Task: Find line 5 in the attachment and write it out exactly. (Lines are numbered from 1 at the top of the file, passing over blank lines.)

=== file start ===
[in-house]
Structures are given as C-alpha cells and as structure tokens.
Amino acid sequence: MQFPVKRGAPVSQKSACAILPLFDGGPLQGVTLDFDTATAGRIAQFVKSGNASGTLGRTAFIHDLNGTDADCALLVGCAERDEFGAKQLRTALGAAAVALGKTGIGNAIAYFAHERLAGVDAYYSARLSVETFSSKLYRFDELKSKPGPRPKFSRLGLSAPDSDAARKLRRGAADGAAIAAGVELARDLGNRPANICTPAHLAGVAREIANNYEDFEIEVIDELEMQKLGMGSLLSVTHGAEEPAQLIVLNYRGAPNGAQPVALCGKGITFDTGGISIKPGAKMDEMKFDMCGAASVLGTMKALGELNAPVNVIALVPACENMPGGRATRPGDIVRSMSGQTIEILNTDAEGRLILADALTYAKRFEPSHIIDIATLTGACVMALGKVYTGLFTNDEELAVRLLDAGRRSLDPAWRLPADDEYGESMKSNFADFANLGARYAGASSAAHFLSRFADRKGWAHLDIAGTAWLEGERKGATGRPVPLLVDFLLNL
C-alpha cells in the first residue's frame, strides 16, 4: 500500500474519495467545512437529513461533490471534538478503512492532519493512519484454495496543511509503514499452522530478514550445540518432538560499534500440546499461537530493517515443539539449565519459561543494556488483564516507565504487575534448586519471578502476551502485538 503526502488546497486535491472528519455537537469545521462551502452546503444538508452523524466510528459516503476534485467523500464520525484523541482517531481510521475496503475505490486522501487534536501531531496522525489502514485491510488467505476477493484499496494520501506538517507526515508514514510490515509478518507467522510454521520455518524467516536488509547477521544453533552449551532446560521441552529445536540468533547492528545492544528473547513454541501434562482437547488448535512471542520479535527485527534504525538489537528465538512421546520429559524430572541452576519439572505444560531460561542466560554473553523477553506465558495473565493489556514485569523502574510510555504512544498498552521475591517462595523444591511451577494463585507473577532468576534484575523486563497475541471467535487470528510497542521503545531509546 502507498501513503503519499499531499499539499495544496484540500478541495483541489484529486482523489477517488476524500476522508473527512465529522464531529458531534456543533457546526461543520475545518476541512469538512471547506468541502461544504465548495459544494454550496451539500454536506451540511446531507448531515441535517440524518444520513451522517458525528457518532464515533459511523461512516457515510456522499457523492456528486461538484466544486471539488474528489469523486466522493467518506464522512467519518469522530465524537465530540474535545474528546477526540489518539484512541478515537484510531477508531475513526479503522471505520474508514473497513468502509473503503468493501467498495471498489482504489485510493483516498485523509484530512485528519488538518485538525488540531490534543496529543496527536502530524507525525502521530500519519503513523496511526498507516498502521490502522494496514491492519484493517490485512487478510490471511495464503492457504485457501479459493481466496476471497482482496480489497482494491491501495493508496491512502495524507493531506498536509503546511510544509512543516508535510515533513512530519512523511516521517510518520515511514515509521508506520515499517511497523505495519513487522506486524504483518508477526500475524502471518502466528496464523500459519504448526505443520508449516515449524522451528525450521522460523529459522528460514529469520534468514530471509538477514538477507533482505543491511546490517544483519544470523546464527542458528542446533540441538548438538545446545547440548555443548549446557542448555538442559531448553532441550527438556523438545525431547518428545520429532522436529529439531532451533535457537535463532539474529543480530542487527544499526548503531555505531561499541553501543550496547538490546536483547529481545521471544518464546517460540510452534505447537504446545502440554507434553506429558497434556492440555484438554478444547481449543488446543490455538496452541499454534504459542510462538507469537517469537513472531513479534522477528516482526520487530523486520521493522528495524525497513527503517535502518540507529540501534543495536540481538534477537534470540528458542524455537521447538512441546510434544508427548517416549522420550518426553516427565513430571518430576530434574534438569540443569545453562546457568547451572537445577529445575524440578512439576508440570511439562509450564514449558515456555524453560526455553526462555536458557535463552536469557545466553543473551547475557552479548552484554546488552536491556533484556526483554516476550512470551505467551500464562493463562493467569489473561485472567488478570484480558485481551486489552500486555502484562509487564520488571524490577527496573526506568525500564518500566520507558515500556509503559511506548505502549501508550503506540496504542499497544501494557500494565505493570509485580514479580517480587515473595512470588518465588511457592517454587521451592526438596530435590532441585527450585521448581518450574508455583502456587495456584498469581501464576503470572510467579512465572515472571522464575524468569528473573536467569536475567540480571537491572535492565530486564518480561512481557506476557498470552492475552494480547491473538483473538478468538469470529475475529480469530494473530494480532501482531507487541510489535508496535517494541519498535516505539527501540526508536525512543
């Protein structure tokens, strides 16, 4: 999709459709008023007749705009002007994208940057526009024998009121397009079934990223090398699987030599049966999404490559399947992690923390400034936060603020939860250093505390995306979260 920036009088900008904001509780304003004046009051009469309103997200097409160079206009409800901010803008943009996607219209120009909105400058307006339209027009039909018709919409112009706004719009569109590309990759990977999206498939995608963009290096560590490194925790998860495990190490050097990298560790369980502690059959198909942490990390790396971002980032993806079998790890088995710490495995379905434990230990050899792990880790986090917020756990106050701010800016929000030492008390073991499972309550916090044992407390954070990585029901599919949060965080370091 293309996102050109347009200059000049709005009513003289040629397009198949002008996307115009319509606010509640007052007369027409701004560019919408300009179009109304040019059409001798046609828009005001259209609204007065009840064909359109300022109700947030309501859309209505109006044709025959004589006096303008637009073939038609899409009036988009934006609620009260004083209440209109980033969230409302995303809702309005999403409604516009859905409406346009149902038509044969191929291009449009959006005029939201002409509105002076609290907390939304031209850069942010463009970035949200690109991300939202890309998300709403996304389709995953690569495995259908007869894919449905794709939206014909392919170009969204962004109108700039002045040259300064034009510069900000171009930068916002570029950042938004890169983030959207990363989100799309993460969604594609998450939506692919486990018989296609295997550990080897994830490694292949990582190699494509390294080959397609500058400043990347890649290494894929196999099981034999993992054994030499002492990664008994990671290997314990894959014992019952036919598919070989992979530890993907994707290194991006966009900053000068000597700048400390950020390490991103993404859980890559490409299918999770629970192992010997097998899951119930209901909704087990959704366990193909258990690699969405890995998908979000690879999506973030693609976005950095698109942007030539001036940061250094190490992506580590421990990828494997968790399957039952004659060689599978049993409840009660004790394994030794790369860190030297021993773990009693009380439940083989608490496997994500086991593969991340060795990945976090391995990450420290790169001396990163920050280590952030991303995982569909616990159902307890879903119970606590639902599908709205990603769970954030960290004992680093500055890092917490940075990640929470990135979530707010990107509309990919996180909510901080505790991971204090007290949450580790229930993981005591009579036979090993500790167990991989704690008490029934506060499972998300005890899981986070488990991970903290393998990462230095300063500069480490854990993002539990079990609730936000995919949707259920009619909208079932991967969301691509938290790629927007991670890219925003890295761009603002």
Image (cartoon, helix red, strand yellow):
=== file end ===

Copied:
């Protein structure tokens, strides 16, 4: 999709459709008023007749705009002007994208940057526009024998009121397009079934990223090398699987030599049966999404490559399947992690923390400034936060603020939860250093505390995306979260 920036009088900008904001509780304003004046009051009469309103997200097409160079206009409800901010803008943009996607219209120009909105400058307006339209027009039909018709919409112009706004719009569109590309990759990977999206498939995608963009290096560590490194925790998860495990190490050097990298560790369980502690059959198909942490990390790396971002980032993806079998790890088995710490495995379905434990230990050899792990880790986090917020756990106050701010800016929000030492008390073991499972309550916090044992407390954070990585029901599919949060965080370091 293309996102050109347009200059000049709005009513003289040629397009198949002008996307115009319509606010509640007052007369027409701004560019919408300009179009109304040019059409001798046609828009005001259209609204007065009840064909359109300022109700947030309501859309209505109006044709025959004589006096303008637009073939038609899409009036988009934006609620009260004083209440209109980033969230409302995303809702309005999403409604516009859905409406346009149902038509044969191929291009449009959006005029939201002409509105002076609290907390939304031209850069942010463009970035949200690109991300939202890309998300709403996304389709995953690569495995259908007869894919449905794709939206014909392919170009969204962004109108700039002045040259300064034009510069900000171009930068916002570029950042938004890169983030959207990363989100799309993460969604594609998450939506692919486990018989296609295997550990080897994830490694292949990582190699494509390294080959397609500058400043990347890649290494894929196999099981034999993992054994030499002492990664008994990671290997314990894959014992019952036919598919070989992979530890993907994707290194991006966009900053000068000597700048400390950020390490991103993404859980890559490409299918999770629970192992010997097998899951119930209901909704087990959704366990193909258990690699969405890995998908979000690879999506973030693609976005950095698109942007030539001036940061250094190490992506580590421990990828494997968790399957039952004659060689599978049993409840009660004790394994030794790369860190030297021993773990009693009380439940083989608490496997994500086991593969991340060795990945976090391995990450420290790169001396990163920050280590952030991303995982569909616990159902307890879903119970606590639902599908709205990603769970954030960290004992680093500055890092917490940075990640929470990135979530707010990107509309990919996180909510901080505790991971204090007290949450580790229930993981005591009579036979090993500790167990991989704690008490029934506060499972998300005890899981986070488990991970903290393998990462230095300063500069480490854990993002539990079990609730936000995919949707259920009619909208079932991967969301691509938290790629927007991670890219925003890295761009603002």